Members of parliament got into a heated discussion on the subject of tourist safety at locations around the country, and improvements that need to be made.
Many members of parliament pointed out that instances of tourists endangering, injuring, or even dying at locations around the country are not always due to deliberate recklessness. In many instances, these spots lack adequate visual warnings of danger, despite the dangers of these places being known about for years.
“The danger at Reynisfjara has been clear to everyone for a long time now, as six people have died there in a few short years,” Social Democrat MP Ólína Kjerúlf Þorvarðardóttir told parliament. “The danger at Sólheimajökull has also been known to everyone, as a young man died there a few years ago. Diving accidents have been pointed out at Silfra, and people die there. People are cavorting on the ice at Jökulsárlón. All this is clear, and has been clear for a long time now.”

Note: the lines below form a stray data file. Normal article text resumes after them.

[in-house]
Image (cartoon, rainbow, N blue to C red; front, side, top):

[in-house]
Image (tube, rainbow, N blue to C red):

Despite these warning signs, she said, and calls from workers within the tourism industry to improve conditions at some of these locations, no action has yet been taken.
“Why haven’t we gotten started working on the most dangerous tourist spots a long time ago?,” she asked. “Why do we need to wait for some overall risk assessment when the great danger at certain places is utterly crystal clear?”
Minister of Tourism Ragnheiður Elín Árnadóttir is working on a bill on the safety improvements of tourist spots around the country, which is expected to be submitted to parliament at the end of this month.
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